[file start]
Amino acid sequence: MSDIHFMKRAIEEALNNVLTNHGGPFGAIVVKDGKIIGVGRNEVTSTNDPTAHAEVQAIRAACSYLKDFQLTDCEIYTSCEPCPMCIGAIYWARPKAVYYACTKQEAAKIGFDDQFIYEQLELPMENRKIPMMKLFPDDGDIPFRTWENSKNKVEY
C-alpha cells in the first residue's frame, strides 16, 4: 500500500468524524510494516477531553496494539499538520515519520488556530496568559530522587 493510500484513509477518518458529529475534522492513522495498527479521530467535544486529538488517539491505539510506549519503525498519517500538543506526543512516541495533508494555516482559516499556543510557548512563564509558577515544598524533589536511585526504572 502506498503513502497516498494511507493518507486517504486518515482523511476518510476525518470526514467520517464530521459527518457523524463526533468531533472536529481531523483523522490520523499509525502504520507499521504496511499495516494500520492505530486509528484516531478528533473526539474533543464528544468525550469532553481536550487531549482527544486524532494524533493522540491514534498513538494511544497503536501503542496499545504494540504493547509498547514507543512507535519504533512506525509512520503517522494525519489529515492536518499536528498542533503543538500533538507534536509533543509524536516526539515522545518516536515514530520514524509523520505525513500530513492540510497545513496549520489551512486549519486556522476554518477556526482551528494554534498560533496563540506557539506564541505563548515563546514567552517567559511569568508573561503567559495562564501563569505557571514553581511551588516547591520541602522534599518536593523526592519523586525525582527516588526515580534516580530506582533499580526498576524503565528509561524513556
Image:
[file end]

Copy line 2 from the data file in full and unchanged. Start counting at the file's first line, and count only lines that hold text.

C-alpha cells in the first residue's frame, strides 16, 4: 500500500468524524510494516477531553496494539499538520515519520488556530496568559530522587 493510500484513509477518518458529529475534522492513522495498527479521530467535544486529538488517539491505539510506549519503525498519517500538543506526543512516541495533508494555516482559516499556543510557548512563564509558577515544598524533589536511585526504572 502506498503513502497516498494511507493518507486517504486518515482523511476518510476525518470526514467520517464530521459527518457523524463526533468531533472536529481531523483523522490520523499509525502504520507499521504496511499495516494500520492505530486509528484516531478528533473526539474533543464528544468525550469532553481536550487531549482527544486524532494524533493522540491514534498513538494511544497503536501503542496499545504494540504493547509498547514507543512507535519504533512506525509512520503517522494525519489529515492536518499536528498542533503543538500533538507534536509533543509524536516526539515522545518516536515514530520514524509523520505525513500530513492540510497545513496549520489551512486549519486556522476554518477556526482551528494554534498560533496563540506557539506564541505563548515563546514567552517567559511569568508573561503567559495562564501563569505557571514553581511551588516547591520541602522534599518536593523526592519523586525525582527516588526515580534516580530506582533499580526498576524503565528509561524513556